• A Program Director’s Thoughts and Advice on Starting Residency

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    Congratulations on joining the absolute best medical community in the world, the community of ophthalmology.

    Your Academy is a member-driven organization that exists to meet the educational needs of all ophthalmologists, from the very newest, like you, to the senior most among our profession.

    Please know that as you start this journey, we have all been there. We know that it can be a difficult transition from intern to first-year ophthalmology resident, and we know that more and more of you are in joint or integrated internship programs that are designed to ease this stress and better prepare you to practice ophthalmology. Here are a few tips based on my experience over the past decade working with residents.

    Take care of yourself. Burnout and fatigue are very real threats to your well-being and to your ability to take the best care of your patients. Try to get good sleep as much as you can and find fun and inexpensive things to do in your city, like going to a park, taking a walk or visiting a museum. Make wellness an active practice by finding the things that help you reduce stress and making sure you do something each week that you look forward to and enjoy.

    Make physical fitness part of your routine, whether it be walking or running, joining a gym or using online fitness classes or apps. Exercise helps memory and reduces stress — plus you need to keep a strong back and core to practice ophthalmology.

    Use your time wisely. This is incredibly important because there is so much to learn, and so little time. A growing body of evidence-based practices can help you study better, not harder. Good short primers on these ideas are Make It Stick, by Peter C. Brown, Henry L. Roediger III and Mark A. McDaniel, and Ultralearning, by Scott H. Young. The most important techniques demonstrated in these books are effortful practice, drilling and varied practice.

    When you work harder to recall something, you will form a stronger memory. When you quiz yourself with practice tests before you study something, you prime learning. Mixing it up — not just studying one topic at a time but changing studying methods and topics with varied practice — helps you remember better. Engage with material rather than just reading and rereading, which really just gives you a false sense of familiarity with the topic.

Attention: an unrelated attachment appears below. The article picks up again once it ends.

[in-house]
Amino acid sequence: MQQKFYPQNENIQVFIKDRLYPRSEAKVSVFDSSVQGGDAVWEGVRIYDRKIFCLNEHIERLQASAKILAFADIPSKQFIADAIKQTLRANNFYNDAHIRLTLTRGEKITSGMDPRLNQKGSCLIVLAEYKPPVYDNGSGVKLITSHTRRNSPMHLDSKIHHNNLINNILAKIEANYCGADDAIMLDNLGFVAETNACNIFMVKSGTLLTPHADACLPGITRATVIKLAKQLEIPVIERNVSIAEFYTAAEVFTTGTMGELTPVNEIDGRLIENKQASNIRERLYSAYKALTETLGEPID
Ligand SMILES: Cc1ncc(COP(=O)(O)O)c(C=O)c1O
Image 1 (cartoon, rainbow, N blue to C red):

Engage with Academy resources. Look to the resident section of the Academy’s ONE® (Ophthalmic News and Education) Network for all sorts of interactive and engaging ways to learn. In the Pediatric Ophthalmology Center, you can practice refraction, retinoscopy and strabismus measurements and try different lenses and prisms on simulated patients. You can also learn how to interpret optical coherence tomography images through interactive case-based modules.

    The Pathology Atlas will help you learn about normal anatomy and disease states through the use of high-resolution slides that you can magnify and study with and without annotations. The ONE Network also has 101 basic courses designed for residents along with a number of flash cards you can download and use to study.

    The Academy’s Committee for Resident Education wants your input too. If you have suggestions for any additional materials you’d like to see on the ONE Network, contact Sarah Page, the Academy’s online education manager, at spage@aao.org.

    Don’t be afraid to ask questions. Residency is three brief years, and there is so much to learn. Don’t just ask questions of your attendings. Ask yourself questions. When you see a patient, think of your differential diagnosis, but then ask yourself a series of questions about the worst-case scenario in order to either rule it in or out: What could kill the patient? What could blind the patient? What doesn’t make sense? What either proves or disproves my hypothesis about the diagnosis? What is consistent or inconsistent with this diagnosis?

    If you keep these key questions in mind, you will know when you need to ask for help from a more senior colleague, or when you need to order a test in order to rule out a dangerous condition. When you talk with the more senior resident or attending, you will have a better and more specific question to ask — rather than just saying you don’t know what’s going on.

    Lastly, keep in mind why you set out on this journey. Remain grateful for the opportunity you have to touch patients’ lives, hear their stories and make a difference at a time when they are vulnerable and scared. Gratitude is an important and grounding act that also helps you to maintain balance through an exciting, but sometimes stressful, time of your life.

    The residents from the Krieger Eye Institute at Sinai Hospital of Baltimore with the department chair and program director during the 2020 Krieger Symposium. Top row: L-R Drs. Malack Hamade, Alex Willis, Brede Skillings, Jason Alvarez, Maggie Wei. Bottom row: Drs. Donald Abrams, Chao Li, Matthew Brink, Krishi Peddada, Brett Campbell, Laura Green.

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    Laura K. Green, MD, is the residency program director for Cornea, Cataract and Refractive Surgery Specialties at the LifeBridge Health Krieger Eye Institute in Baltimore, Md. She is also president of the Association of University Professors of Ophthalmology (AUPO) Program Director’s Council and chair of the Academy’s Committee for Resident Education.